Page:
The Self Release - Artist services, options, successes, expectations

2

Comments

  • Bytor said:
    Guys, keep in mind Bandcamp takes 23% off the top on digital sales. cdBaby takes 33% on physical cds including shipping.  And about 11% on digital sales. But cdBaby charges an upfront fee to list your music.
    I don't remember the percentages -- you're probably correct, but when you only have a few people buying your shit it's pretty easy to live with that percentage in lieu of the overhead of physical media -- and unlike with a record contract, you're not committed to that bandcamp model.  If you "blow up" and start selling a lot -- to the point where a record deal makes sense, you can change what you do. 
    I ain't falling for no banana in the tailpipe.
  • TravisWTravisW Posts: 976
    That's pretty much where I am with it. As far as money coming in, I'm pretty much going for "some is better than none". 
  • HaffnerHaffner Posts: 7,805

    I'm okay with the CD Baby $4 per album, and they did help get Lv1 into international stores.

    It took five years to sell 5,000 copies of the album. I never came even halfway to recouping our losses.

    I should mention, all the Facebooking I did back from 2011 to '14 did help us on sales. Plus, it's hard to complain when folks are donating money toward what I do. But I think, ultimately, unless you're established in the genre...it has to pretty much ALL be about exactly what you're aiming for.

    I aim for making great music, period. Whether it's appreciated now or post-mortem is moot, because I know it's good, and a lot of the stuff I write I like one HECK of a lot. Everything else is a cherry on top.

    Best thing about low expectations: I'm never really disappointed, and always happily surprised when something positive happens. Old Hunter said it right: "works for me!". Broke or not, this is what I do...it's not like a choice anymore.

  • Haffner said:

    It took five years to sell 5,000 copies of the album. I never came even halfway to recouping our losses.

    That was the situation we needed to avoid. I don't know what producing 5K CDs costs these days, but if we had gone that route, I'd be out a few thousand bucks, and still be sitting on 4900+ CDs.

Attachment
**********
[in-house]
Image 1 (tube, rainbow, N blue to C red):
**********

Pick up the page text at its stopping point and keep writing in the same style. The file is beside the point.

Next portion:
I ain't falling for no banana in the tailpipe.
  • HaffnerHaffner Posts: 7,805
    edited March 2018
    Haffner said:

    It took five years to sell 5,000 copies of the album. I never came even halfway to recouping our losses.

    That was the situation we needed to avoid. I don't know what producing 5K CDs costs these days, but if we had gone that route, I'd be out a few thousand bucks, and still be sitting on 4900+ CDs.

    Well, I did dumber than that and started out with only 500. The shipping is murder after awhile.

    That said, even if we didn't recoup, it's not a terrible number these days for CD sales. I imagine a lot of it had to do with a certain Rainbow dude.

    Btw, we shared kind and friendly words last Xmas. He told me he's psyched to do more for me (Mark too)...I didn't have the heart to tell them that ain't happenin' anytime soon. If ever. We can't regret the money spent on those (and a couple of the other) folks, however we just can't rationalize their fee in terms of return. The whole thing with Chris just underscored that. But I'll probably break down and hire a good engineer (for a lot less cash) anyway. I mostly just wanted a trained, objective ear and knob twiddler.

    From now on, anything I do concerning Rock has to be commissioned and/or heavily patronized; for the above reasons but also because I just don't have the same feeling toward creating Rock music that I once did. However, I do have a whole album's worth of "pure Dino" music that was intended for the more back-to-the-roots Lv3 (and written when I was still deep in rock), and quite a bit of it would probably raise a smile or three from a crusty Dino.

    So..there's my "mystery album", one that...who knows? Maybe if I take a dirt nap somebody will be interested in it lol!

    Okay, I was being blackly humorous. For me and the making of Rock music, the return simply doesn't justify the means, is all I meant. Duh, Andy.

    That said, I'd be super dumb to think I might not ever return to the genre. Especially if there was the obvious incentive.

    Post edited by Haffner on
  • Dinosaur David BDinosaur David B Posts: 17,493
    edited March 2018
    I wasn't criticizing your decisions at all, Andy.  You did what you felt was right, and were working with a different set of data points than we were.